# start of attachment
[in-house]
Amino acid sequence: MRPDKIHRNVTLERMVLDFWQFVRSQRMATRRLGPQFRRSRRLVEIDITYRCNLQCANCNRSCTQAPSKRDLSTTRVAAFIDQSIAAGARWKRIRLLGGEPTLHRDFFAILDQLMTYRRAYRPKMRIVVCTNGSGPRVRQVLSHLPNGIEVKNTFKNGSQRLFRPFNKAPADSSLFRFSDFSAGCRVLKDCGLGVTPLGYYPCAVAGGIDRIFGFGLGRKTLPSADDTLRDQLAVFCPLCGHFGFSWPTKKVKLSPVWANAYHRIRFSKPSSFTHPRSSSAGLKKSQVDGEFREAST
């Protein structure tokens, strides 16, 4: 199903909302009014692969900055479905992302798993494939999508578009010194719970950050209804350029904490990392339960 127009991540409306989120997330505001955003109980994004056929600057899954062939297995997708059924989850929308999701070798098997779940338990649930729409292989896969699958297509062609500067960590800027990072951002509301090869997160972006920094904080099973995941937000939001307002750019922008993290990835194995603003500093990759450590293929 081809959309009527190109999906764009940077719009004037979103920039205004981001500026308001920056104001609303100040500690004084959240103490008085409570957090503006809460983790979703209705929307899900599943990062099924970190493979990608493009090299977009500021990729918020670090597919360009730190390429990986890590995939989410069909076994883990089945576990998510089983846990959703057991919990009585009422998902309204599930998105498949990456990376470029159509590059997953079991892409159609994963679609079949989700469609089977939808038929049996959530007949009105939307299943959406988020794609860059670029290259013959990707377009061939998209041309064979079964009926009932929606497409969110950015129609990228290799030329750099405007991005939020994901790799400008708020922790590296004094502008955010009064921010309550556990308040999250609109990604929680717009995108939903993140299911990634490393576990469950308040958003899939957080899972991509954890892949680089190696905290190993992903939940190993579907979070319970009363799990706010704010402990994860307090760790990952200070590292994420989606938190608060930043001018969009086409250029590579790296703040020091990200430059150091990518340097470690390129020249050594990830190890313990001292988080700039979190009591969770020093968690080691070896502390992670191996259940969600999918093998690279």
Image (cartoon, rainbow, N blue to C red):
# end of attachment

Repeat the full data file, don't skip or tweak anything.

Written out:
[in-house]
Amino acid sequence: MRPDKIHRNVTLERMVLDFWQFVRSQRMATRRLGPQFRRSRRLVEIDITYRCNLQCANCNRSCTQAPSKRDLSTTRVAAFIDQSIAAGARWKRIRLLGGEPTLHRDFFAILDQLMTYRRAYRPKMRIVVCTNGSGPRVRQVLSHLPNGIEVKNTFKNGSQRLFRPFNKAPADSSLFRFSDFSAGCRVLKDCGLGVTPLGYYPCAVAGGIDRIFGFGLGRKTLPSADDTLRDQLAVFCPLCGHFGFSWPTKKVKLSPVWANAYHRIRFSKPSSFTHPRSSSAGLKKSQVDGEFREAST
């Protein structure tokens, strides 16, 4: 199903909302009014692969900055479905992302798993494939999508578009010194719970950050209804350029904490990392339960 127009991540409306989120997330505001955003109980994004056929600057899954062939297995997708059924989850929308999701070798098997779940338990649930729409292989896969699958297509062609500067960590800027990072951002509301090869997160972006920094904080099973995941937000939001307002750019922008993290990835194995603003500093990759450590293929 081809959309009527190109999906764009940077719009004037979103920039205004981001500026308001920056104001609303100040500690004084959240103490008085409570957090503006809460983790979703209705929307899900599943990062099924970190493979990608493009090299977009500021990729918020670090597919360009730190390429990986890590995939989410069909076994883990089945576990998510089983846990959703057991919990009585009422998902309204599930998105498949990456990376470029159509590059997953079991892409159609994963679609079949989700469609089977939808038929049996959530007949009105939307299943959406988020794609860059670029290259013959990707377009061939998209041309064979079964009926009932929606497409969110950015129609990228290799030329750099405007991005939020994901790799400008708020922790590296004094502008955010009064921010309550556990308040999250609109990604929680717009995108939903993140299911990634490393576990469950308040958003899939957080899972991509954890892949680089190696905290190993992903939940190993579907979070319970009363799990706010704010402990994860307090760790990952200070590292994420989606938190608060930043001018969009086409250029590579790296703040020091990200430059150091990518340097470690390129020249050594990830190890313990001292988080700039979190009591969770020093968690080691070896502390992670191996259940969600999918093998690279």
Image (cartoon, rainbow, N blue to C red):